Now let us consider the second possibility raised above, namely, that even if material is not sufficient by itself to identify an object, it can still help to compensate for weak shape cues by contributing to object identification. The study of Klatzky et al. (1993), in which people identified real objects from their contours, is relevant to this issue. As was described previously, people could identify objects with about 75% accuracy while wearing a glove that eliminated most cues to material (although coefficient of friction, for example, might still be available), and while being restricted to feeling the objects with an outstretched finger. In the same study, we compared performance when people wore the heavy glove to performance when the fingertip of the glove was cut off, permitting full access to material information. There was a significant improvement in performance when the material information was added. This was mainly for the single finger condition, which enforced sequential exploration and processing. Thus it appears that material can augment coarse shape information from touch, improving the speed and accuracy with which an object can be recognized.
In another study (Klatzky & Lederman 1995), we pushed to its limits the use of material for identifying objects. Subjects in this experiment were allowed only 200 msec of passive fingertip contact with an object in order to identify it. We were interested not only in the level of identification that could be achieved with such limited exposure, but with whether performance would depend on the attributes of the objects that were to be identified. We looked at two attributes: the size of the object, and the property that had been identified (by Lederman & Klatzky 1990) as most important in identifying it by touch alone, called the most diagnostic property. Accordingly, objects in this study were selected so that they represented two levels of size and two types of most diagnostic property. With respect to size, objects were either small - having at least one axis that could be spanned by the middle fingers - or large - with both the principal axes extending beyond the middle fingers. With respect to diagnostic property, objects were used for which texture was more important to identification than shape, or for which shape was more important than texture. Our prediction was that with such a short duration of exposure, and such a small area of the object being explored (that which touched the fingertips), subjects would be best at identifying objects for which texture was most diagnostic, or objects for which shape was diagnostic but that were small enough to be entirely explored by exposure to the fingertips.
In order to constrain subjects to approximately 200 ms of exploration, we had them guide their hand, with fingers extended, down to the object by following a vertical rod. The object was placed under the descending hand so that if it had a particularly informative region (for example, the pouring lip on a pitcher), that region would be contacted. A force-sensitive board placed under the object sensed initial contact, and a tone was emitted, instructing the subject to lift the arm away, after 100 msec. The subject then attempted to generate the name of the object that had been contacted.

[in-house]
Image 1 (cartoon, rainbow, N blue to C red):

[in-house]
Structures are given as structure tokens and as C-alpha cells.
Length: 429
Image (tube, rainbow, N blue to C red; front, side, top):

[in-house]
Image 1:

We found that even under such limited exposure, objects could be named at levels above chance. Overall, 15% of objects were named correctly, and as expected, the level of performance depended on the object's size and diagnostic property. People performed worse, identifying only 5% of the objects, when they were large and shape was the most important property for identification. This is predictable, because with a large object, the relevant shape cues would extend beyond the region contacted by the hand. Performance was best (25%) when the object was large and texture was diagnostic. In this case, the large size maximizes the textured region that is so important for identifying the object. It is somewhat surprising that people could name 25% of objects for which texture is a critical cue to identity, with so short an exposure time. This supports the idea that material properties can contribute substantially to the process of object recognition by touch.
Another interesting outcome of this experiment was an analysis of confusion errors, in which we determined the similarity between the object that was presented and the object that people named, when they made an error. An analysis of nearly 600 errors of this type revealed that most confusion errors (75%) matched the original object with respect to material. Again, this indicates the high level of availability of material information to the sense of touch.
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